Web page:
In the end how Race did it makes sense (common ground) but I wouldent use red/blk combos because of the mistake I made in IDing each pair.. Oh well!

Aside from that been working in EAGLE alot to get the schematic rockin and rolling and have made alot of progress.. I'm wiring it all up, and once that's done I will be able to homebrew my first PCB. I cant believe it but radio shack actually still sells the copper clad PBC and etchant (ACID!) so I went and grabbed some. Some of the nerds on the Internet devised a method of using a laser printer to transfer the traces to the PCB and for prototyping this will be the quickest method of getting everything down on a circuit and test fitting it into the gun.

Tuesday, September 27, 2011

Open Source Paintball Board (OSPB)

Sorry for the time between updates, but you ever get caught up in doing things that you cant take the time to document them?!?! :-)

So here are the updates.. I did some additional testing and the electronics work fine so I'm pushing forward. What does that mean you may ask?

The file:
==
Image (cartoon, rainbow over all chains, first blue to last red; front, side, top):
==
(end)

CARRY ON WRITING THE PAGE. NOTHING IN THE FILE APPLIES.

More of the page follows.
Well, I'm going to try to get everything to fit on a circuit board, and get it 95% into the gun frame and perhaps take it out shooting and do some real testing (2k shots) and get a idea on the real world battery life..

Biggest challenges so far?
SPACE! Like everything paintball, I was optimistic about the space required and things are getting tight.. I might in the end have to make a decision on features (9v possibly, or USB programming) to make it all fit, but I'm working hard to see if I can get all the features in there.

Firestarter 9000 - Homeowners insurance not included!

What am I doing right now?

Well, I ordered a new Hot Air Rework Station since my soldering iron (Model - Firestarter 9000 in case you want to buy it from me) just wasn't cutting it. You should have heard my wife when I told her that I needed a soldering station otherwise her sewing machine wouldn't get fixed. Quickest buy Ive ever made!!! :-D

And I'm also working with a program called "Eagle". Its a circuit design program that I hope will allow me to design the board without so much hit and miss trial work.. It will take longer up front but I hope it will pay off in the end with a product I can test in the real world quicker. If I can get the schematic correct (did I mention Ive never done schematic design?) I should be able to print my own prototype PCB's..

Anyways, thanks for all the comments, and keep the suggestions/concerns coming!